Evolving expectations? Bar associations and chambers of commerce launch major initiatives on climate change in legal practice and dispute resolution

International bar associations and chambers of commerce are increasingly recognising both the central role and evolving expectations of the legal profession in responding to climate change. The International Bar Association (IBA), the International Chamber of Commerce (ICC), the Stockholm Chamber of Commerce (SCC) and the American Bar Association (ABA), among others, have recently issued statements and reports covering various topics related to climate change and the legal sector. These initiatives provide guidance on how lawyers, legal practice and dispute resolution processes can help states, businesses, communities and individuals address contributions to, and impacts from, climate change.

It is particularly important to focus on these initiatives in the present circumstances. Due to the COVID-19 pandemic, a number of significant environment-related events and negotiations have been postponed or moved online in a reduced form. These include the United Nations Framework Convention on Climate Change (UNFCCC) Conference of the Parties 26 (COP26), Post-2020 Global Framework for the Convention on Biodiversity and High-Level Political Forum on the Sustainable Development Goals. At the same time, many businesses and people are calling for the environment, sustainable energy and just transition to form central pillars of COVID-19 bailout and stimulus packages.

These initiatives and their implications for legal practitioners are discussed below.

IBA climate crisis statement

First, on 5 May 2020, the IBA issued a climate crisis statement that recognised the global challenge of climate change and the role of the legal profession and dispute resolution in addressing those challenges.

The statement comprises broad-ranging recitals and five resolutions related to climate change action within the legal community. The recitals refer to issues spanning the science of climate change, the role of lawyers in addressing climate change, just transition, net-zero emissions legislation and central bank responses to climate change.

The IBA acknowledged that a global response to climate change will increase the number of climate change-related disputes, and thus the work of lawyers. It also called on the legal profession to play a leading role “in maintaining and strengthening the rule of law and supporting responsible, enlightened governance in an era marked by a climate crisis,” including by influencing and supporting their clients’ efforts related to climate change.

The statement’s five resolutions related to:

  • Legal practice and professional conduct: urging lawyers to adopt a “climate-conscious” approach to their practice, engagement with and advice to clients and contribution to climate related dispute resolution, within the scope of professional conduct rules and the rule of law.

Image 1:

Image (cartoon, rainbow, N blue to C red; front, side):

• Lawyers engaging with climate change related legislative and policy developments: encouraging lawyers to consider how to support, and remove barriers to, laws and policies that advance the attainment of climate neutrality; a just transition for the populations, regions and industries most likely to be affected by climate change; and legal innovation around sustainable business models and impact investing that could assist the low carbon transition.
    This resolution also asked lawyers to support one of the recommendations in the IBA’s earlier report, Achieving Justice and Human Rights in an Era of Climate Disruption, which proposed a long-term project to consider the creation of an ad hoc international arbitration body for environmental disputes, and, perhaps eventually, the establishment of an International Court for the Environment. I have discussed this proposal elsewhere here and here.
  • The sustainable development goals (SDGs) and using the rule of law to address climate change: encouraging lawyers to support, engage with, and promote the implementation of the SDGs, including the goals related to ending poverty (goal 1), accessing sustainable energy (goal 7), climate change (goal 13) and peace, justice, institutions and the rule of law (goal 16).
  • Bar associations, law societies and similar bodies around the world: encouraging members to engage with schools and students about the climate crisis and human rights and to develop practical educational tools about those issues for qualified lawyers.
  • Personal and professional life: encouraging lawyers to show practical and intellectual sustainability leadership in their professional activities, lifestyles and communities.

The IBA’s resolutions highlight the importance of incorporating modern climate change imperatives into the professional work, advice, practice and education of lawyers. If these resolutions are to be meaningful in the context of professional practice, arguably lawyers should now identify climate change related risks, liabilities and potential courses of action when relevant to any matter on which they provide advice.

IBA Model Statute on Climate Change Proceedings